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Sherry Alu Campagna doesn’t care that U.S. Rep. Tulsi Gabbard is one of Hawaii’s most popular politicians.
She says the congresswoman is out of touch with her district and needs to do more to address local issues rather than pump up her own profile on the national stage.
If Campagna’s message delivers, she could be the first Native Hawaiian woman elected to Congress.
“A House representative’s primary job is to work amongst, live amongst and activate amongst the people of their district,” Campagna said. “If you have a representative that is doing some work for the district, but is at the same time spending a lot of time in other places you have to wonder: Do they mean to take care of me forever? Or are they on to something bigger and better?”
Campagna, 47, is Gabbard’s main challenger in the Democratic primary for Hawaii’s 2nd Congressional District, which covers rural Oahu and the neighbor islands. She lives on the Leeward Coast and has a family farm in Hilo.
She faces a daunting, uphill challenge.
Gabbard, 37, was elected to represent the 2nd Congressional District in 2012 and since then has become one of the state’s most recognizable politicians. She’s gained a national following, particularly among Bernie Sanders supporters, and has seen her name mentioned as a possible 2020 presidential contender.
Gabbard’s campaign did not respond to Civil Beat’s requests for an interview for this story.
In recent months, the congresswoman pushed legislation that aims to reform federal marijuana laws, improve election security by requiring paper ballots and better monitor the health of veterans exposed to toxic chemicals from open burn pits in Iraq and Afghanistan.
According to the Civil Beat Poll, Gabbard leads Campagna 69 percent to 16 percent with only 15 percent unsure.
“Everyone knows Tulsi’s name whether they are in favor of her, not in favor of her or somewhere in between,” said Neil Abercrombie, who spent nearly 20 years representing Hawaii’s 1st Congressional District before being elected governor in 2010.
The same can’t be said about Campagna or the other candidate running in the Democratic primary, Anthony Tony Austin, a small business owner from Kahaluu, who’s not run a visible campaign.
Federal campaign spending records show Gabbard has raised $1.2 million during this election cycle and has more than $2 million in her campaign coffers.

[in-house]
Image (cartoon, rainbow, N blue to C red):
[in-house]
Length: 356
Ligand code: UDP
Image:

Campagna has only raised about $27,000. Austin, meanwhile, reported raising $555.
“The odds against such people are astronomical,” Abercrombie said.
That doesn’t mean Gabbard is invincible, he added.
The fact that Gabbard faces a challenge at all is an indication of at least “some disquiet” among certain groups who find Gabbard to be too disconnected from her district. Abercrombie said that’s a fixable problem so long as Gabbard is willing to communicate better on the issues.
“This wouldn’t even be a question if there was not a significant or discernible feeling in the community that she doesn’t communicate as broadly or deeply as she should,” Abercrombie said.
Campagna is an environmental scientist who founded her own consulting company. She’s done work as a land planner and on environmental permitting and remediation.
She is a mother of four, two of whom came to her family through foster placements. In recent years she’s advocated for improvements to the state’s foster care system, and was a named plaintiff in a pair of class action lawsuits against the state to seek better pay for foster parents.
One of Campagna’s biggest concerns is that Gabbard is more interested in grooming her image on the national stage than paying attention to issues in her own district.
Campagna points to Gabbard’s June visit to Flint, Michigan, to meet with people there who were reeling from lead contamination in their drinking water.
She said at the same time Gabbard was in Flint, the Hawaii water commission ordered Alexander & Baldwin — one of the state’s largest landowners — to restore stream flows in East Maui that had been part of a decades-long battle over Native Hawaiian water rights.
Campagna said Gabbard didn’t acknowledge the ruling and instead remained focused on Flint.
A similar situation played out in 2016 when Gabbard traveled to the Standing Rock Sioux Reservation in December 2016 to protest against an oil pipeline that threatened the tribe’s water supply.